The Bridge

Twice a year, my Thursday Night Men’s Group holds a weekend retreat that combines 12-Step meetings,  fellowship and fun, a weekend that has become a spiritual pick-me-up for Older Eyes.   Each year, the retreat has a different leader who sets the tone of the retreat with a theme and chooses the leaders for the meetings.  This fall, I am the leader and in looking through some material from past retreats, I found this written exercise.  My friend Ron (who looks enough like a certain late sixties folk-singer that we call him Ron Denver) provided an uncaptioned picture, and asked us to write a short piece on what we saw.   Some of the men hated the exercise, but Older Eyes, ever the writer, loved it.  What I saw was an allegory for my spiritual struggle, which I’m posting here in abridged form.

On one end of the bridge I sit, eighteen years old.    On the other end is God as I saw him at eighteen.   He’s not looking at me because I’m never good enough to approach Him, a hypocrite who acts holy in church then behaves however he pleases.   I’m facing the other way because I can’t look God in the eye, too guilty, too afraid of eternal damnation.  So what I do is get up and walk away.   I don’t believe in God any more, I’m an atheist now, so there.  To Hell with the bridge, whatever it is.   Of course, the bridge is spirituality, the path to actually working the Second Step, Came to believe that a power greater than ourselves can return us to sanity.   My greatest spiritual struggle has been working that step.   For many years, I wanted the benefits of crossing the bridge without going anywhere near it.   The bridge wasn’t for me … God would either still be sitting there, back turned in disgust, or wielding the lightning bolt that would send me careening into Hell.   I tried self-help spiritual approaches that didn’t include God.  I tried science and rationalism, determined to convince myself there was no bridge, that the God sitting there was an illusion, or that the bridge really led nowhere.  I tried to think my way across.  But the bridge was always there and always called to me.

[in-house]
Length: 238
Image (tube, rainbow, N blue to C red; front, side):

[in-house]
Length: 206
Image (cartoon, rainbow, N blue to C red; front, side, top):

Working the steps required that I take a fresh look at the bridge among friends who didn’t tell me how to cross it or say that I need to hurry or laugh at me because I wanted to talk about it instead of crossing.   I spend a lot of time on the bridge these days.   I still don’t know where it goes and sometimes I can’t see God there with me but I pretend.   We talk frequently, often in my writing or when I talk about spiritual matters with other people, even though sometimes it feels like I have an imaginary friend.   We wrestle.   God throws me off the bridge and I have to climb back on … I jump and God helps me climb on again.   Other times, I throw try God off the bridge but then I speak to my grandson or see a hawk in our birdbath or my son’s Siamese cat comes to greet me in the morning.   Sometimes, friends tell me that they just took God’s hand and walked across, that they are so happy on the other side – I’m envious that it seems so easy for them.  I shout at God, Why can’t I do that?   Why did You make me such a skeptic?    God says, I enjoy our discussions …   And guess what?  I’ve learned to love the bridge.

What do you see in The Bridge?

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2 Comments on “The Bridge”

  1. cherperz Says:

    I love that, Bud. What a wonderful way to look at the struggle of excepting something on faith, I,too am envious of people that have no doubts and are resolute in “whatever” they believe. I used to keep waiting for the moment I would be “born again”. Everyone made it sound so easy.

    That is a lovely piece of writing.

  2. territerri Says:

    I don’t know how I feel about the bridge, but your reflection on it gives me hope. I’m in the midst of that faith struggle (for years now, it seems.) To know that you came to terms with it makes me less anxious that I might never.

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